NHS England is looking to develop sustainability guidance for both community and hospital pharmacy teams to reduce their environmental impact, according to a contract tender.
The tender says that the provider chosen to develop the guidance will also be responsible for creating an accreditation programme for pharmacy teams working in both settings, to mark their sustainability status if they complete the actions outlined in the guidance.
Under the contract — valued at £70,000 and published on 31 January 2023 — the provider will produce guidance and an accreditation scheme that “will bring together both new and existing information and guidance for pharmacies and all pharmacy staff on actions to reduce the environmental impact of healthcare, medicines, and pharmacy practices”, the contract document says.
In 2020, the NHS committed to reaching net zero carbon emissions by 2040, highlighting that medicines accounted for 25% of emissions within the NHS, with anaesthetic gases accounting for 2% of emissions and inhalers accounting for 3%.
“Pharmacy staff and businesses are part of the process of purchasing and dispensing of almost every medicine used in the NHS. As a result, there is potential for actions to be identified that enable pharmacies and pharmacy staff to be able to influence medicines supply, usage and disposal,” the contract document says.
It adds that the guidance should “outline evidence-based activities and actions for pharmacy settings and staff, structured according to different levels of maturity, in order to reduce the environmental impact of both the clinical and non-clinical aspects of pharmacy practice”.
The guidance should also “incorporate estimations of carbon emissions associated with pharmacy practices, where appropriate,” it says.
The contract tender comes despite reports that NHS England has no plans to lead on a national inhaler recycling scheme, on the basis that this “is enabled through the general contractual obligation for community pharmacies to accept returned medicine waste”.
However, in November 2022, the government granted researchers £100,000 to develop the first “eco-directed formulary” that will incorporate environmental data on medicines into the prescribing process, alongside clinical and cost effectiveness.
The contract tender also set out plans for a pharmacy accreditation scheme that will “offer a progressive approach allowing pharmacies to start their sustainability journey by making smaller yet impactful changes before starting to take more intensive action”.
Commenting on the contract tender in a joint statement, Barry Melia and Minna Eii, chair and vice chair of sustainability at the Guild of Healthcare Pharmacists, respectively, welcomed the plans, saying that to achieve the NHS’s net zero target, “the unique contribution of pharmacy will be essential”.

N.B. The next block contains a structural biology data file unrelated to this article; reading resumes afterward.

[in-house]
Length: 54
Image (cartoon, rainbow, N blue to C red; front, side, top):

“As a result, we have a moral and professional responsibility to better understand and minimise the impact of pharmacy services, pharmaceutical care and medicines on the environment,” they said.
“It is quite ambitious to try and fill the data gaps on the climate impact of medicines and care pathways.
“This will require a standardised approach to calculating carbon impacts which should (as a minimum) aim to adopt a full life cycle approach. We would urge the introduction of a pan-UK inhaler recycling scheme as soon as possible, with the associated climate benefits.”
Tracy Lyons, principal pharmacist for medicines optimisation at NHS Dorset and co-founder of Pharmacy Declares, which campaigns for greater sustainability in pharmacy, said the contract tender was “very positive news”.
“We welcome any activity which raises awareness of the health impact implications of health service delivery (i.e. the principles of planetary health) with a view to improving it,” she said.
Lyons added that the accreditation scheme could follow a model already in place for GPs, which awards GP teams bronze, silver or gold status for environmentally sustainable actions, such as helping patients switch to low-carbon inhalers, social prescribing, reducing over-prescribing, reducing waste and use of renewable energy.
“Everyone’s conscious that teams are working incredibly hard and won’t be able to immediately resolve the issues [that] work like this is bound to highlight, but ‘measure to improve’ has been proven time and again to support successful change, and a systemic, national programme such as this sounds incredibly promising,” she said.
Gareth Jones, director of corporate affairs at the National Pharmacy Association, said: “This could be an important piece of work to help us better understand the environmental impact of the services we provide, and what we can do to contribute to the overall goal of making health services more environmentally sustainable.
“Our approach as a sector to the green agenda must be ambitious but deliverable and done in a way that doesn’t ultimately lead to more red tape for busy pharmacy contractors.”
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It is very encouraging and important that the first step is being taken with resolve